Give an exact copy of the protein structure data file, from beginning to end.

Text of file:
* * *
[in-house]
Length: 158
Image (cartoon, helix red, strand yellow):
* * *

[in-house]
Length: 158
Image (cartoon, helix red, strand yellow):